||For the last decade, consumers have been able to purchase an increasingly wide array of genetic tests that promise answers to medical, genealogical, and forensic questions. These commercial genomic enterprises have their roots in scientific endeavors ranging from molecular anthropology to pharmacogenetics to informatics, and they are intersecting with public understandings of race, individual and group identity construction, medical treatments, and forensic investigations in intriguing ways. Moreover, they show that the “DNA mystique” has persisted as a powerful stimulus for both scientific imaginations and the market in the post-Human Genome Project era. However, as the multi-million dollar direct-to-consumer genomics industry continues to gain momentum and publicity, so do the complex issues it raises. There is an urgent need for interdisciplinary dialogue about the origins and contours of the market for such information. Collaboration among cultural anthropologists, biological anthropologists, and other social scientists is needed to assess (1) the social and cultural dimensions of this phenomenon, (2) the ways that genomic projects are both shaped by and shaping market forces, (3) the political economy of genomic information in a global context, and (4) the implications for the future of our discipline.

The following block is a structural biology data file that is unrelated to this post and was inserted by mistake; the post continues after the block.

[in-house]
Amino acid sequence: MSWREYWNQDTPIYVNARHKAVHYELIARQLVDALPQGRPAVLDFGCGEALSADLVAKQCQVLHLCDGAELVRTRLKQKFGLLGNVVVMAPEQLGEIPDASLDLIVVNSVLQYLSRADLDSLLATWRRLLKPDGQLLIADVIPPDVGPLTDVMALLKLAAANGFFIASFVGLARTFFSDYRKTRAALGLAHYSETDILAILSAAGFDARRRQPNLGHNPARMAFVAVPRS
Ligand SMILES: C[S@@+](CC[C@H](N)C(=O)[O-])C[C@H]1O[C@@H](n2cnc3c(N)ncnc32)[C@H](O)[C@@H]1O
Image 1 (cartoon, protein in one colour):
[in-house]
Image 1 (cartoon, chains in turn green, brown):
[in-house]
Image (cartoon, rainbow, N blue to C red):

This panel will bring together a diverse set of scholars to consider the commercial dimensions and public consumption of genomics. In addition to the issues described above, we will explore the ways that commercial genomic services refigure ideas about race, kinship, identity, and citizenship, pose challenges to normative ethical (and regulatory) paradigms for biotechnology, and hold implications for university-industry relations. This panel will therefore enrich current understandings of the genomics market and its relation to anthropology. We hope this session will help to delineate novel and interdisciplinary avenues for future research that is also legible to policy makers, industry leaders, and the publics engaged by this commercial scientific phenomenon.